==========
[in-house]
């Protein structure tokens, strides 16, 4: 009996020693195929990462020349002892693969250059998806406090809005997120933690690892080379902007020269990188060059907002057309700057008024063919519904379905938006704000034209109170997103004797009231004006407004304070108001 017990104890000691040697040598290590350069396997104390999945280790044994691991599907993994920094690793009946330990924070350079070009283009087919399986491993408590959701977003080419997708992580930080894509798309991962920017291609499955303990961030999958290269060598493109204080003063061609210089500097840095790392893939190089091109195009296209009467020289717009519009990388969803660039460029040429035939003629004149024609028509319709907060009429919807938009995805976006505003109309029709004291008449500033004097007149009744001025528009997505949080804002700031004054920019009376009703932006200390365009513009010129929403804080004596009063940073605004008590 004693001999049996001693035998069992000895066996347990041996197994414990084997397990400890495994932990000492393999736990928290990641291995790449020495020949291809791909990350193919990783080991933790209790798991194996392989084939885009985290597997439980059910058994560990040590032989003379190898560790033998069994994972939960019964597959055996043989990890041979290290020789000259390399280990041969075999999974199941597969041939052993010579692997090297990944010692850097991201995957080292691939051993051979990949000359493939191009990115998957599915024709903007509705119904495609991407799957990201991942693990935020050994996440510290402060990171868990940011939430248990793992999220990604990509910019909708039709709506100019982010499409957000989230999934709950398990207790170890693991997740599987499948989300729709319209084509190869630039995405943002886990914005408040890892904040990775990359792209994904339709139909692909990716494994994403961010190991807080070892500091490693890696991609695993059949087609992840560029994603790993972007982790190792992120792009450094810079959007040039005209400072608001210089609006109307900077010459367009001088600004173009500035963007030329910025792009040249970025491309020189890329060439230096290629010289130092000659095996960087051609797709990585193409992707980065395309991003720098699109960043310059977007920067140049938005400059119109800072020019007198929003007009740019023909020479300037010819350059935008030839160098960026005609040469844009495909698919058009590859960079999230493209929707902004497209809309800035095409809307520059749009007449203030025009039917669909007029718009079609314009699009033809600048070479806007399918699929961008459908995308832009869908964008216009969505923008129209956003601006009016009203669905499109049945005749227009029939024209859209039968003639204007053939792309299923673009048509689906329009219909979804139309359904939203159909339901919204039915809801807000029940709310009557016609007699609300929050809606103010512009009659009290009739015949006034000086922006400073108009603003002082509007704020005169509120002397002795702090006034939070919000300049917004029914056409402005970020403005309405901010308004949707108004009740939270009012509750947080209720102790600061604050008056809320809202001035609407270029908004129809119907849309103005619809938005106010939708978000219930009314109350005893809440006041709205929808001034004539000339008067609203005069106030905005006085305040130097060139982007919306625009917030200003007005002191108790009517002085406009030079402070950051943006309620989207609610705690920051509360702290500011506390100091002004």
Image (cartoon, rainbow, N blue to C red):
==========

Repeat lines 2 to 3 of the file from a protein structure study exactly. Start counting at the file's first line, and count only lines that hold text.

């Protein structure tokens, strides 16, 4: 009996020693195929990462020349002892693969250059998806406090809005997120933690690892080379902007020269990188060059907002057309700057008024063919519904379905938006704000034209109170997103004797009231004006407004304070108001 017990104890000691040697040598290590350069396997104390999945280790044994691991599907993994920094690793009946330990924070350079070009283009087919399986491993408590959701977003080419997708992580930080894509798309991962920017291609499955303990961030999958290269060598493109204080003063061609210089500097840095790392893939190089091109195009296209009467020289717009519009990388969803660039460029040429035939003629004149024609028509319709907060009429919807938009995805976006505003109309029709004291008449500033004097007149009744001025528009997505949080804002700031004054920019009376009703932006200390365009513009010129929403804080004596009063940073605004008590 004693001999049996001693035998069992000895066996347990041996197994414990084997397990400890495994932990000492393999736990928290990641291995790449020495020949291809791909990350193919990783080991933790209790798991194996392989084939885009985290597997439980059910058994560990040590032989003379190898560790033998069994994972939960019964597959055996043989990890041979290290020789000259390399280990041969075999999974199941597969041939052993010579692997090297990944010692850097991201995957080292691939051993051979990949000359493939191009990115998957599915024709903007509705119904495609991407799957990201991942693990935020050994996440510290402060990171868990940011939430248990793992999220990604990509910019909708039709709506100019982010499409957000989230999934709950398990207790170890693991997740599987499948989300729709319209084509190869630039995405943002886990914005408040890892904040990775990359792209994904339709139909692909990716494994994403961010190991807080070892500091490693890696991609695993059949087609992840560029994603790993972007982790190792992120792009450094810079959007040039005209400072608001210089609006109307900077010459367009001088600004173009500035963007030329910025792009040249970025491309020189890329060439230096290629010289130092000659095996960087051609797709990585193409992707980065395309991003720098699109960043310059977007920067140049938005400059119109800072020019007198929003007009740019023909020479300037010819350059935008030839160098960026005609040469844009495909698919058009590859960079999230493209929707902004497209809309800035095409809307520059749009007449203030025009039917669909007029718009079609314009699009033809600048070479806007399918699929961008459908995308832009869908964008216009969505923008129209956003601006009016009203669905499109049945005749227009029939024209859209039968003639204007053939792309299923673009048509689906329009219909979804139309359904939203159909339901919204039915809801807000029940709310009557016609007699609300929050809606103010512009009659009290009739015949006034000086922006400073108009603003002082509007704020005169509120002397002795702090006034939070919000300049917004029914056409402005970020403005309405901010308004949707108004009740939270009012509750947080209720102790600061604050008056809320809202001035609407270029908004129809119907849309103005619809938005106010939708978000219930009314109350005893809440006041709205929808001034004539000339008067609203005069106030905005006085305040130097060139982007919306625009917030200003007005002191108790009517002085406009030079402070950051943006309620989207609610705690920051509360702290500011506390100091002004």
Image (cartoon, rainbow, N blue to C red):